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Old 03-04-2015, 11:44 PM   #7
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Let`s hope there was no cause and effect between the cost of fixing the delaminated stringer and the heart attack!
If the rest of the boat and the price seem ok, start with a specific assessment of the stringer, how to repair it properly and permanently, at what cost, is a way to proceed. Have the guy check elsewhere to be sure it is a one spot problem.
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Old 03-04-2015, 11:46 PM   #8
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Talk to the surveyor ahead of time and arrange to be there. Tell him you want him to look at that area first and then consult with you. If you call it off, he agrees to a lesser charge for the work completed and does not complete the day's survey. When you find the next boat, you give him first shot on the survey.
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Old 03-05-2015, 12:51 AM   #9
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Some Taiwan boats were made with stringer "time bombs" as it is only a matter of time before the stringers under the engines will no longer support the loads.
Others were built with enough glass in the stringers that the wood that was used to form the stringers is not structural, so if the wood is removed, or rots, the glass is plenty to continue to support the engines.

Which one you have is what you need to investigate.
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Old 03-05-2015, 05:42 AM   #10
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Greetings,
Welcome aboard. Mr. sK. Stop beating yourself up. EVERYONE starts out being "something" stupid (some never learn but let's not go there). You have enough smarts to at least ask questions. Advice given thus far is correct. Check, ask, research, check some more, ask some more...You know the drill. Sure, it may cost you $$ to scope out this and possibly several more vessels BUT in the long run this should be money well spent to prevent you from making a much more costly "purchase". Even a well surveyed boat will present you with a number of "oopsies" or "gosh-darns" at some point in your ownership and a GOOD survey, hopefully, will minimize emptying your pockets. DO NOT GET EMOTIONAL AT ANY POINT DURING LOOKING/NEGOTIATIONS!!!!!
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Old 03-05-2015, 07:33 AM   #11
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All good advice.

In regard to the problem stringer be aware that on some older boats the wood stringers that were originally encased by glass rot away inside the glass casing as Koliver posted.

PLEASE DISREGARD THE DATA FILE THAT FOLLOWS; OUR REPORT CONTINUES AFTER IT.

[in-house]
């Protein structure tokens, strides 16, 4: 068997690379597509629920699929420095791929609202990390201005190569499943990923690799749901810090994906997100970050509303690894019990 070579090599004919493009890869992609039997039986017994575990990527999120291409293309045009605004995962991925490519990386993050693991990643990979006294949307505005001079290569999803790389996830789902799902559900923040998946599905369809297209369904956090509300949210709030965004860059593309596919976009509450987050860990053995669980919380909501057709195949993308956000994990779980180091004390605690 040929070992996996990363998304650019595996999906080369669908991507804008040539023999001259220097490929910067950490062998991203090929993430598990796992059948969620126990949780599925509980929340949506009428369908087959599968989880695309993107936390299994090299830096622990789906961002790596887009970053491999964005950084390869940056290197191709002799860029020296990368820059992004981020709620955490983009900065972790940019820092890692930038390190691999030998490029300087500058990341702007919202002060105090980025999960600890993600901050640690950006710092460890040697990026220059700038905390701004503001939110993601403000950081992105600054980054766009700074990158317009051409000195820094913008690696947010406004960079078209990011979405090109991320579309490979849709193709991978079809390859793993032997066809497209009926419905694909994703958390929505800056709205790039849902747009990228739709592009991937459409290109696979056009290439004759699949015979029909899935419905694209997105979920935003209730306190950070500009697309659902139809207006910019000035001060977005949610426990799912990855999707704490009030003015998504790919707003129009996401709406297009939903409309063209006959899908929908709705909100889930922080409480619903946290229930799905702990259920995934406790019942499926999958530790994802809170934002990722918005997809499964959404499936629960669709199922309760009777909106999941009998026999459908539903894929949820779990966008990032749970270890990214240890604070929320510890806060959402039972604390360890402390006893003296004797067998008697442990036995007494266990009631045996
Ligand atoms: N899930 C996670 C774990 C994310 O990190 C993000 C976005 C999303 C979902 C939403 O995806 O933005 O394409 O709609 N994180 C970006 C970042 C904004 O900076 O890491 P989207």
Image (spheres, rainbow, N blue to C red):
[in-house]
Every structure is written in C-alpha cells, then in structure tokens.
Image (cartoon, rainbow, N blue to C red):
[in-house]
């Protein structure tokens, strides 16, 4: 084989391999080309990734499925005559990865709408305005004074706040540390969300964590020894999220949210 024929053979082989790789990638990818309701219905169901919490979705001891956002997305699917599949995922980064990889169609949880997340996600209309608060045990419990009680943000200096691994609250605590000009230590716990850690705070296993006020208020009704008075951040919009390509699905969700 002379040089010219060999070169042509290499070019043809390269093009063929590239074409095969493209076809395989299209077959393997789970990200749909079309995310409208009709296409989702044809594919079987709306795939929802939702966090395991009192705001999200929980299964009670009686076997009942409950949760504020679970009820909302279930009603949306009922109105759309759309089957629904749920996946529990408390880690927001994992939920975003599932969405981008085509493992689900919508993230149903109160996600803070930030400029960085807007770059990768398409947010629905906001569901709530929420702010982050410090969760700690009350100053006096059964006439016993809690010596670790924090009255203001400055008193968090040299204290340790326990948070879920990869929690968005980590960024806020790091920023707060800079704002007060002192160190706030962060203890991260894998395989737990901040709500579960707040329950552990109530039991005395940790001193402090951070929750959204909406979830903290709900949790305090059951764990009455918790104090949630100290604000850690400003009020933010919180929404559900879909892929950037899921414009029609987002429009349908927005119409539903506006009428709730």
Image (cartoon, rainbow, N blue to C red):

This usually occurred by various owners etc drilling holes in the stringers for fixtures, these holes allowed moisture to enter, and the glass casing kept the moisture there.Over the years this rotted the timber out.

If this has happened on this boat check the engine bearers very carefully as they tend to sag, if this occurs with the aft bearers then check the condition of the shaft(s) as the sagging bearers will transfer the weight of the engine onto the shaft & couplings, which they most certainly were not designed to support. Water ingress at the shaft is a definite sign of concern, as is a roaring sound from the shaft coupling area when the boat is in gear, this can be done at the dock.If this has happened the shaft itself may well be damaged.

In regard to the drilled hole and injection, this sounds like they have effected a 'fix' by drilling holes into the bearers and injecting epoxy or similar into the stringer until it literally fills up, and replaces the rotten wood.I have seen some boats absorb an amazing amount of epoxy in this way.

The alternative to this method is to remove the stringer completely and replace. Depending on the design of the boat this could run into a very serious amount of money.

So what to do?.............hire a good surveyor as has been suggested already.Don't worry too much about the surveyor's cost, this is part of the price of securing a good boat and in the long run this may well turn out to be the best boat investment you ever make, or to look on the flip side, stop you making the worst investment you ever make.